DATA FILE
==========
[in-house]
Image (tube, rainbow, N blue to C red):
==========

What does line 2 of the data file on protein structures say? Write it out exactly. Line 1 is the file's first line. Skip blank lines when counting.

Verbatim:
Image (tube, rainbow, N blue to C red):